Mothering Forum banner

1 - 4 of 4 Posts

·
Registered
Joined
·
5,848 Posts
Discussion Starter #1
<p>I'll be going back to work when the babe is six weeks old this time around. Any advice for getting a routine started for pumping? Assuming I go back with my present schedule, I'll be working 4 4-hr shifts in the mornings (5-9), and 2 8hr overnight shifts a week. I'm definitely going to have to pump at work on the overnights, but I'm not sure whether I'll have to pump during my short shifts, or if I can get away with nursing and/or pumping right before and right after work.</p>
<p> </p>
<p>Outside of times away from baby, I expect to nurse on demand as I did with DD.</p>
 

·
Registered
Joined
·
1,540 Posts
<p>Well, I work a regular 40+ hrs corporate shift, but I'll give you my routine.  DS usually nurses around 4:30 (we cosleep).  I get up and pump, then get ready for work.  Around 6 he nurses again.  I then pump 4 times between 8 - 4 (I have OS/OALD).  DS is picked up at 5 and nursed on demand the rest of the day/night.  If I didn't pump 16 oz by then I will pump the side he isn't on to get the rest.  The 16 oz I pump go to daycare the next day.  What I pump on Friday goes in the freezer.  Over the weekend I nurse on demand and try to pump 16oz for daycare on Monday.  If I'm short I take from the freezer (only on Monday).  Any that comes home from daycare and hasn't been heated goes in the freezer.</p>
<p> </p>
<p>It all seemed so confusing to me when I was where you are now.  Someone said that it becomes more clear once you get back to work, and she was right.</p>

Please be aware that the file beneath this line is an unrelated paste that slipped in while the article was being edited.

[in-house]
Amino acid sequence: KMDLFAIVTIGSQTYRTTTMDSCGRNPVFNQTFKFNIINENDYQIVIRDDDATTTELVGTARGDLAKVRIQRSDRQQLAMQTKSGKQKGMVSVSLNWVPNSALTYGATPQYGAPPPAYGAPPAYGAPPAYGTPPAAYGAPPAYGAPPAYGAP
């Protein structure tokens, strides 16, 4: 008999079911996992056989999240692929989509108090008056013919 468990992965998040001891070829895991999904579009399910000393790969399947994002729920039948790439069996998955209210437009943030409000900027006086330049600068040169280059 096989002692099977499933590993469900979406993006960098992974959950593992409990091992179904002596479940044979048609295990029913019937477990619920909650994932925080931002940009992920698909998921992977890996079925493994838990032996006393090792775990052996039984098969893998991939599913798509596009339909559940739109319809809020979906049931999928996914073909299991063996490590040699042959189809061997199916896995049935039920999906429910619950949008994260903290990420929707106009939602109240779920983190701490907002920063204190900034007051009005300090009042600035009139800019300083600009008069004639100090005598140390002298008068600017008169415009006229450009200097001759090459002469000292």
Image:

·
Registered
Joined
·
2,411 Posts
<p>I think a 6 week old baby will be eating during a 4 hour shift, so yes I'd pump then.  It's hard to give the baby a bottle and not pump at that time (even if you feed one breast when you get home and pump the other one, it could get a little confusing to tell your breasts at 6 weeks that they have a 4 hr break, so supply could go down). </p>
<p> </p>
<p>The best advice I ever got was to keep the bottles small enough so baby is hungry for you but big enough that he's satisfied.  Which meant I never sent more than 4 oz for a feeding his whole life and started him with 2.5 oz when he was 8 weeks. </p>
<p> </p>
<p>I'd join the yahoo group PumpMoms if I were you, it's very helpful. </p>
<p> </p>
<p>It really just comes down to nurse on demand at home, make sure you nurse before you leave, go no more than 3 hours (esp at first) w/o pumping at work, and make sure you make as much as baby is eating each day.  Use a hands free pumping bra and massage your breasts to get out more milk.  Check your email on your phone and relax during pumping times.  Nurse a lot at night while baby is sleeping to keep your supply up and leave little bottles for dad to feed at night. </p>
<p> </p>
 

·
Registered
Joined
·
545 Posts
<p>I'm on a regular 8-5 schedule, but here is what I do. I breastfeed on demand at home, which usually means once overnight and once in the morning before I got to work, plus various times in the evening. I pump in the morning, hands-free, at 6:45-ish as I am getting ready. It's usually before I nurse, so I leave a little milk behind. I then pump twice at work, at about 10:30 and 2:30, for 15-20 minutes each. I get 5-7 ounces per session, which covers the three bottles of 4-5 ounces each he drinks while I am away. I freeze any extra.</p>
 
1 - 4 of 4 Posts
Top